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dc.contributor.authorWen, Hsiu-Ling
dc.date.accessioned2014-03-03T19:58:48Z
dc.date.available2014-03-03T19:58:48Z
dc.date.issued2000-05
dc.identifier.otherwen_hsiu-ling_200005_ma
dc.identifier.urihttp://purl.galileo.usg.edu/uga_etd/wen_hsiu-ling_200005_ma
dc.identifier.urihttp://hdl.handle.net/10724/20085
dc.description.abstractLittle is known about the effect of aging on contextual interference. To investigatethe relationship between contextual interference and aging, the performance of 36 college-aged (M = 19.4 years) and 36 senior (M = 72.1 years) participants was compared by administering anticipation timing tasks which were similar to the skills required in driving. Because the to-be-learned tasks are held and processed in working memory, it is predicted that deficits in working memory with aging may affect the benefits of random practice schedule (RA) as shown in typical contextual interference paradigm. To accommodate any working memory deficits of the senior adults, a modification of RA (RA-M) was employed in the present study and was predicted to produce more accurate and consistent retention and transfer for the senior adults compared to RA. The results in the present study demonstrate the effectiveness of RA-M for the senior adult participants and the benefit of age and experience on timing tasks.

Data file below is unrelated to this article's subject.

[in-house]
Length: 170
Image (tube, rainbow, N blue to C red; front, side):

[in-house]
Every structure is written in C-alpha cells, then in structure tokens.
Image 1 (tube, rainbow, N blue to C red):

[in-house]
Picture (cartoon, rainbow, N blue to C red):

dc.publisheruga
dc.rightsOn Campus Only
dc.subjectContextual interference
dc.subjectWorking memory
dc.subjectAging
dc.subjectAnticipation timing
dc.titleContextual interference, working memory, and aging: will active senior adults benefit from random practice?
dc.typeThesis
dc.description.degreeMA
dc.description.departmentHealth and Human Performance
dc.description.majorExercise Science
dc.description.advisorPatricia Del Rey
dc.description.committeePatricia Del Rey
dc.description.committeeKathy J. Simpson
dc.description.committeeM. Elaine Cress


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